Cartoon animators develop singular images into an animated sequence. Most cartoon animators obtain skills and education through a post-secondary degree program, learning about computers, drawing and art history.
Cartoon animators work largely in the motion picture and advertising industries. Their general function is to create drawings, either by hand or with electronic aids, and then use computers to produce the chain of images that shapes the animated film or special effect. They may work with a team of professionals to develop films, webpages, promotional spots and computer artwork. According to the U.S. Bureau of Labor Statistics (BLS), in 2014 more than half of all animators were self-employed. A bachelor's degree or postsecondary certificate in new media, art, computer graphics or a related field is generally required.
|Required Education||Bachelor's degree or postsecondary certificate in a relevant field of study|
|Projected Job Growth (2018-2028)*||4% (Multimedia Artists and Animators)|
|Median Salary (2018)*||$72,520 (Multimedia Artists and Animators)|
Source: *U.S. Bureau of Labor Statistics (BLS).
Cartoon Animator: Job Description
Cartoon animators create animated narrative sequences by combining artistic skills with talents in many areas, such as comedy, drama, advertising and computer modeling. Professional cartoon animators usually work in teams where they participate in the storyboard, typesetting and editing process of animation.
To develop skills and a high level of technical know-how, most cartoon animators have a bachelor's degree or other postsecondary training in animation or new media production. A number of universities, colleges and art schools offer certificate and degree programs that combine art with a concentration in new media.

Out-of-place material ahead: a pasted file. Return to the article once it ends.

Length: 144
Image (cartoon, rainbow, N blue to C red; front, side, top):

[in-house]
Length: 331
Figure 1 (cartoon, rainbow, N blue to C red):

Typical coursework combines traditional courses in figure drawing with animation and art history lectures. Additionally, specialized computer skills are central in the career of a cartoon animator. Internship programs give cartoon animation students a chance to fine-tune their animating skills and prepare a competitive professional portfolio.
A cartoon animator must be able to collaborate with a team of professionals on storyboards, story development, directing, cinematography and editing. In contrast, they must also be able to work alone for long hours at a time using computer animation or modeling programs to simulate lifelike characters and images. High attention to detail and an in-depth knowledge of computer programs such as computer-aided design software (CAD), Final Cut Studio and Adobe Shockwave Player are essential for any cartoon animator.
According to the U.S. Bureau of Labor Statistics (BLS), the majority of multimedia artists and animators work in the motion picture and video industry. In 2018, the annual median income of salaried multimedia artists and animators was $72,520.
Cartoon animators can obtain essential career skills by completing a bachelor's degree or another form of post-secondary education. They must have strong art and computer skills as well as the interpersonal skills required to work on a team. Many animators are self-employed and the field can expect steady job availability within the next decade.